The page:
The Hotel Earle is an uncanny place. Its yellow-and-green wallpapered hallways are putrid. It’s full of incongruous elements: mosquitoes—which, Geisler emphatically states, do not exist in Los Angeles; a half-dead elevator operator (or, more optimistically, half-alive); seeping walls; and pairs of empty shoes lining its ghostly corridors.
In a film full of uncanny elements, perhaps the most jarring scene is not the revelation of a butchered woman in Barton’s bed, as shocking as that is, but something more uncomfortably close to home: when Barton finally feels a surge of inspiration (only after the fateful crime), he sits at his desk burning with feverish intensity and slips his feet into a pair of shoes, which he realizes are not his.
The layers of symbolism in this scene are rich and understated. (Barton’s ability to create an art capable of elevating the common man is debatable, but he certainly does not measure up otherwise.) What makes it the uncanniest scene in the film lies in the nature of its transgression: it severs the false distance between the mind and the body. At the moment Barton slips his feet into the shoes of a poor working stiff, the distinction is abolished. His feet, down below, are revealed to be just as much a part of his being as his head, where the struggle takes place. And his feet don’t lie: something is off.
Karl “Madman” Mundt rises like a creature from the deep—remember, he resides somewhere within that blue distance hanging on the wall in his neighbor’s room—to prey on Barton. Whether or not we think Barton is deserving of his cruel fate, there are two indisputable facts: one, Barton summoned the beast up from the depths; and two, full of confidence in his ability to speak for the common man, Barton was, like other intellectuals of his time, blind to that common man’s hidden recesses.
A film as ambiguous as Barton Fink invites multiple readings, especially of the relationship between Barton and Charlie. The two are lovers; Charlie is the devil and the Hotel Earle his private hell; Charlie is a manifestation of Barton’s overworked, feverish brain; Charlie, the good-natured everyman within whom lurks a Karl Mundt, is an embodiment of the perversion of National Socialism; etc. Each of these interpretations has its particular merits and each casts the film into a new light, shimmering and shifting like the perpetually moving sea.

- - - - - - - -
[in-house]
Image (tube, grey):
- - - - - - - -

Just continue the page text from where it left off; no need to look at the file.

Dante reserves the sixth level of his Inferno for heretics, whose punishment is to suffer eternally in flaming tombs. After Charlie—or, at this point, Karl “Madman” Mundt—breaks the bars on Barton’s bed, allowing the unshackled victim to escape, Barton stands in the flaming hallway and watches Charlie enter his room.
Before being freed—not out of mercy—Barton asks Charlie “Why?” Why—this? The murders, the cruelty, the mysterious box? Echoing and perverting an earlier statement that “understanding requires empathy,” Charlie replies, “Most guys I just feel sorry for… I feel for ’em. So I try to help ’em out.”
Then, crushing Barton’s illusions about his role as an artist, he concludes with sadness: “You’re just a tourist with a typewriter. I live here.”
Stephen Sparks lives in San Francisco. His essays and interviews have appeared in Tin House, 3:AM Magazine, and the LA Review of Books.